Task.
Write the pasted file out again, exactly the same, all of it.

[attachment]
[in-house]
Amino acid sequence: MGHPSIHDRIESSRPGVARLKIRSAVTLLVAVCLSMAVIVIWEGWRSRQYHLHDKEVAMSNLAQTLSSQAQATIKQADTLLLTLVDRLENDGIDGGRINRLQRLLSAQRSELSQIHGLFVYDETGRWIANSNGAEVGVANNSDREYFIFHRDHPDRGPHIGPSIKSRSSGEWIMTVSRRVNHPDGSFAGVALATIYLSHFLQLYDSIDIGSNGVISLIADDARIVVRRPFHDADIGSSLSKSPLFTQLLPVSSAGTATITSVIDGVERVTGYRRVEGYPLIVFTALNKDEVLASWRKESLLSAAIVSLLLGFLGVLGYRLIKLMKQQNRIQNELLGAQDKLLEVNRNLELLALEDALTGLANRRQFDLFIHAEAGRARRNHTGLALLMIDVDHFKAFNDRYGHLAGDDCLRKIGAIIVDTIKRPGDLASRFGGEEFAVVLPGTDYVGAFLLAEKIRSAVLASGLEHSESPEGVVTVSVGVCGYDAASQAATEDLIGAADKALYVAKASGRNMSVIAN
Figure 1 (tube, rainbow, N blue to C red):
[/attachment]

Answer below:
[in-house]
Amino acid sequence: MGHPSIHDRIESSRPGVARLKIRSAVTLLVAVCLSMAVIVIWEGWRSRQYHLHDKEVAMSNLAQTLSSQAQATIKQADTLLLTLVDRLENDGIDGGRINRLQRLLSAQRSELSQIHGLFVYDETGRWIANSNGAEVGVANNSDREYFIFHRDHPDRGPHIGPSIKSRSSGEWIMTVSRRVNHPDGSFAGVALATIYLSHFLQLYDSIDIGSNGVISLIADDARIVVRRPFHDADIGSSLSKSPLFTQLLPVSSAGTATITSVIDGVERVTGYRRVEGYPLIVFTALNKDEVLASWRKESLLSAAIVSLLLGFLGVLGYRLIKLMKQQNRIQNELLGAQDKLLEVNRNLELLALEDALTGLANRRQFDLFIHAEAGRARRNHTGLALLMIDVDHFKAFNDRYGHLAGDDCLRKIGAIIVDTIKRPGDLASRFGGEEFAVVLPGTDYVGAFLLAEKIRSAVLASGLEHSESPEGVVTVSVGVCGYDAASQAATEDLIGAADKALYVAKASGRNMSVIAN
Figure 1 (tube, rainbow, N blue to C red):